Written by Emily
After an intensely swanky night in the amazing hotel, Rach and I awoke this morning feeling well rested and tranquil. This tranquility was instantly shattered as I checked the time and realised we had only a sweet 45 minutes to pack up our crap, eat breakfast and get dressed. Suffice to say, the method of packing we have become o so accustom to (I.e just hurling everything and anything into our bags and forcing the zip shut by hook or by crook) was very much employed.
Miraculously, we made it down to reception to meet Ruben and co for our question-provoking flight to Juliaca just about on time. In a way that we had come never to expect from our Costa Rica experiences, a huge, deluxe bus was just casually waiting outside the hotel for us and our luggage to clamber on in, and presently whisked us away to the airport.
Despite yesterday's problems, issues, arguments and endless quiries, everyone managed to check themselves and their baggage in without too much hassle, and after some Peruvian gift-shop crap perusing, we were on the plane and heading for Juliaca, which Ruben had previously told us was officially the ugliest city in Peru. Good times.
The flight was fairly uneventful, involving only an intense, elderly American woman seated next to rach and I, who within only 30 seconds of speaking to me declared that I looked far too cold and that she had a raincoat that I could wear over my knees if I wanted. I politely declined, and continued tto stare at the breathtaking views views from the plane window. Presently, we came to a slamming land at Juliaca airport. Staggering off of the plane, feeling woozy and lightheaded due to he hearty increase in alititude, we made our way to Baggage Reclaim.
This particular Baggage Reclaim area was unlike any I have ever before encountered, decked out in full Peruvian regalia, with brightly coloured dolls in traditional dress perched on top of the carousel and a fully fledged Pan Pipe band piping away a merry tune to add to the usual fun of baggage claiming, something that Rach and I had become quite dextrous at during our travelling time.
Suddenly shattering this delightful scene, came a bellowing shout of concern from Rachel. At first, I and the rest of the group were suspecting a major bag-related disaster, missing or broken perhaps, but a quick inspection from Ruben and I revealed that the problem was much more minor than initially feared. Her padlock had come off. That was the drama. Ruben grinned in my direction, before taking a shaken Rach under his arm, and firmly leading her and her padlock free bag towards the patiently waiting coach that was to drive us the remaing distance to Puno, the small town on the shores of Lake Titicaca.
Our first glimpse of Puno occurred some time into he journey, and sure was a welcome change to the unrelenting stream of roofless edifices that was Juliaca. It certainly provided snap-happy Trevor with some sweet photographic material.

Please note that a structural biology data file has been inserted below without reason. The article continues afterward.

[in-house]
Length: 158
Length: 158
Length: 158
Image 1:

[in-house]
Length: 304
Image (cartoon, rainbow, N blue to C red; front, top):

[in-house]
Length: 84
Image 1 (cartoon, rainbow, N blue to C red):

Typically of this new premier service, the coach dropped us directly at the door of another,(granted not quite as amazing, but still a vast improvement on the gap year norm) hotel. We all filed off the coach, and into the reception, where tankards of cocoa tea were swiftly consumed to keep the alititude sickness at bay. We were then handed our room keys and sent on our merry ways. Rach and I became out of breath in an intensely embarassingly short space of time climbing the stairs to room 17. At the time we wholeheartedly blamed the altitude, and not at all our own bad states of fitness. either way, it did not bode well for the impending Inca Trail.
Once everyone had had a chance to aclimatise and settle themselves down all nice, Rubes took us out for a whirlwind trip around the town, and a bit of food times. Because of the possibility of altitude sickness kicking in at any moment, we had been advised to go easy on the old food and have something 'light'. Of course, for such seasoned fatties as Rach and I, this advice was instantly cast asunder, and I soon found myself feasting on a large slab of quiche, Julia's leftover soup, and residual chips from about five different plates. Rach munched down an even more impressive and cardiac-indusing meal of 'Sulchipapas', a highly un-Peruvian looking dish of chips and cut-up hot dog. We then washed down this selection with a nice hunk of cheesecake each.
After hanging at the hotel for a while after this mammoth consumption, Rach and I decided that we were somewhat bored. This plus the fact that neither of us seemed to be suffering any effects from altitude caused us to cruise on down to the main square, picking up Lisa on the way to check out some sort of Christian fesitval (or Jesus Rave as we liked to refer to it) that was going down. On arriving, we bumped into Robert, Clayton, Teresa, some casual Peruvian man who Clayton had befriended and of course Trevor and his zoom lens to view the events on the rickety stage at the front of a gathering crowd.
After an hour, the only highlights that had occurred were the casual Peruvian man teaching us some killer moves, and a man dressed as a clown who performed a slick routine to the first 30 seconds of Michael Jackson's Billie Jean before the music cut out to massive disapproval from the crowd. Weary of waiting around due to the rumour of fireworks and knowing that we had an early start the next day, we cruised back to the hotel to await tomorrow's festivities...